December Zone 7 Update
Thank you for being a Zone 7 member! Catch up on what happened at the USHJA Annual Meeting, see who won annual awards, know about new rules before you show and more.
USHJA Annual Meeting Recap
Zone 7 members attended the USHJA Annual Meeting, presented by World Equestrian Center, December 8-12 in Denver, Colorado.

Members met as a zone and attended a zone educational forum to discuss issues and opportunities in their zones on Zone Day, December 8. During the forum, USHJA President Mary Babick announced the return of the Zone Council, which will serve as a way to increase communication between zone members and the board.

Throughout the rest of the week other committees, working groups and the USHJA Board of Directors met to take care of business and work on upcoming initiatives and plans.

This year, annual meeting featured educational sessions for members, and Michael Henry from the U.S. Center for SafeSport also presented and took questions. Watch his presentation here.

Click here to read about USHJA President Mary Babick's State of the Association speech.

Click here to read a wrap up including rule change proposals that were approved/disapproved by the USHJA Board of Directors.
Know Your Zone 7 Committee Members
  • Nancy Jones, Chair
  • Carl Hansen, Vice Chair
  • Joey Brumbaugh, Treasurer
  • Janis Collette
  • Laura Connaway
  • Matt Cyphert
  • Valerie Garza
  • Genie Harper
  • Kalea Maxwell
  • Kelly McCabe-Cyphert
  • John McQueen
  • Frank Owens
  • Sandra Tabio
  • Bill Whisenant
Special thanks to these members who serve our zone! For more information about the committee and contact information, click here.
USHJA Annual Award Recipients Honored at Evening of Equestrians
USHJA Annual Award recipients were honored during this year's Evening of Equestrians at the USHJA Annual Meeting! Special congratulations to Zone 7 members who were recognized:

  • Britt McCormick (Allen, Texas) is part of the Planning Committee, recognized as Volunteer of the Year
Know Before You Show 2020
The USHJA is helping members Know Before You Show with a simple guide of rule changes taking effect for the new competition year. Click here to read more.

Click here for a comprehensive list of rule changes that were approved in 2019 for the 2020 competition year.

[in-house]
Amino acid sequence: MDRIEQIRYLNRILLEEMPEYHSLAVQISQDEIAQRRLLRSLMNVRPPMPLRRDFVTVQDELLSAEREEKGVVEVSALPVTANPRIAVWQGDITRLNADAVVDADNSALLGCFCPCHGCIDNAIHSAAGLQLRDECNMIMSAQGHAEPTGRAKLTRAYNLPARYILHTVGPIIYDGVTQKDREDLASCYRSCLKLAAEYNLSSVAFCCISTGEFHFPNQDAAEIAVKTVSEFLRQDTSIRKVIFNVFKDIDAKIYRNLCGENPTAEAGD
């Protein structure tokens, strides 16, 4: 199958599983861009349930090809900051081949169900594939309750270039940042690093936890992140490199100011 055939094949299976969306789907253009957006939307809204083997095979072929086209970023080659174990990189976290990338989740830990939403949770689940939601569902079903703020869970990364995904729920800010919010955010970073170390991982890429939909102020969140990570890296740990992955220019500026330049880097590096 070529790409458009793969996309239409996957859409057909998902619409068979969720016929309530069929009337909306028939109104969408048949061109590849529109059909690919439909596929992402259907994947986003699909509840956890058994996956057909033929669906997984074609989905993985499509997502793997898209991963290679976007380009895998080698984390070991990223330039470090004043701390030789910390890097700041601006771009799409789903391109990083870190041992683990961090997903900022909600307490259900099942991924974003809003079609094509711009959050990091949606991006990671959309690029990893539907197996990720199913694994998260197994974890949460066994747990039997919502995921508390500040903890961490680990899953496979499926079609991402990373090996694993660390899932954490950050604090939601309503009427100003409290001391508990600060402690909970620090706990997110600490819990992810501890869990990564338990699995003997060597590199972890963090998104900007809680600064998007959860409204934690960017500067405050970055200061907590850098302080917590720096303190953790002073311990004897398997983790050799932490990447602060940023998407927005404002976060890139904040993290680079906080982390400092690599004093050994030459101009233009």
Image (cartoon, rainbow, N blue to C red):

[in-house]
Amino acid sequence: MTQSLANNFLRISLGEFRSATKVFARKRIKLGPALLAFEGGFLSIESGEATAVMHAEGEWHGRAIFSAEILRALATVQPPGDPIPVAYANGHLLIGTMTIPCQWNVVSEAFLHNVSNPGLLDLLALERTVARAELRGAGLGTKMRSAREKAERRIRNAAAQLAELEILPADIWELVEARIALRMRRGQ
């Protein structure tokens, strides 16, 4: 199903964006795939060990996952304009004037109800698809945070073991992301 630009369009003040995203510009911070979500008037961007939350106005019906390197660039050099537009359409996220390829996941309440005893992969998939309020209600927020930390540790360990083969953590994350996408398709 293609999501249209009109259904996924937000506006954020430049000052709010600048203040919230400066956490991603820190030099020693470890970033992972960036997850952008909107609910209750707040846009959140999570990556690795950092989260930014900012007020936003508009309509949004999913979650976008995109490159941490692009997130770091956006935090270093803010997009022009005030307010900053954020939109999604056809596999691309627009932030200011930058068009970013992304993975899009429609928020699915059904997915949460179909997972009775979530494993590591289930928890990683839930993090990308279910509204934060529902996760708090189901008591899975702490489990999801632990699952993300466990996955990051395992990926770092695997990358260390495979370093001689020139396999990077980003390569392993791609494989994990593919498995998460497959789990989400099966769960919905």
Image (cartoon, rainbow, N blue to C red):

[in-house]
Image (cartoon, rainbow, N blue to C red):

View the entire 2020 USEF Rulebook here.
Do You Like the Zone 7 Facebook Page?
For news, updates, member stories, photos and more be sure to like and follow the USHJA Zone 7 Facebook Page!

Have an interesting story to share? Email it here for a chance to be featured in our Zone eNews or on Facebook.
USHJA Affiliate Member Organization News
Affiliate members met during the USHJA Annual Meeting to discuss upcoming changes and opportunities, including the addition of the Affiliate Council and Zone Council. The two councils will enhance communication between the Zones, Affiliates and the Board, as well as with the members.

Each Affiliate is encouraged to elect one individual to sit on the Affiliate Regional Group (regions were created by combining USHJA Zones). The Regional Group will be comprised of representatives from each USHJA Affiliate Organization in that area. From the Regional Groups, one individual from each Zone will be elected to sit on the National Affiliate Council and from the National Affiliate Council, one individual will be seated on the USHJA Board of Directors. 

For more information about how to get involved, contact Danae Fryman. And don't forget to renew your affiliate membership for 2020! 
Sport History: Fun Facts from the USHJA Wheeler Museum
Sport History Fun Facts: Why is a scarlet riding jacket called a “pink coat”?
A Hunter new rule specifies that conventional attire “following the tradition of fox hunting is encouraged and preferred and that judges shall not eliminate a rider for inappropriate attire except for safety.” Traditional fox hunt attire (and USEF rules) call for “scarlet or dark colors.” 
Ever wondered why that “scarlet” jacket is called a “pink coat”? Turns out, if the legend is true, that a renowned 18th-century tailor named Thomas Pinque of London designed the first scarlet fox hunting coat with practical matters in mind. He chose a sturdy, warm wool fabric (called Melton) in a deep red to hide the stains if the rider got blood on it while hunting. Each coat was custom-made and soon became a sign of prestige, so it was referred to as a “pinque coat.” The spelling changed with the times.
Still considered a sign of prestige, scarlet in fox hunting is reserved for Masters of Foxhounds and hunt staff. In the Hunter ring, scarlet is worn for “formal attire” classes. In the Jumpers, a scarlet jacket is usually reserved for members of the US international team (as it is in many other countries).

National Show Hunter Hall of Famers Rodney Jenkins and Quiet Flite in a formal attire class at Devon, c. 1967. Photo by Budd
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Photos by: Tricia Booker, Tori Bilas, Jump Media, Kaitlyn Karssen Photography, Kristin Rover, Rachel Sowinski and Louise Taylor.
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